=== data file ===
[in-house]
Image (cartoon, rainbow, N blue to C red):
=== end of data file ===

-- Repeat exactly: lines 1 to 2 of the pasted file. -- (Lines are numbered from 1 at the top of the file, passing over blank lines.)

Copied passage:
[in-house]
Image (cartoon, rainbow, N blue to C red):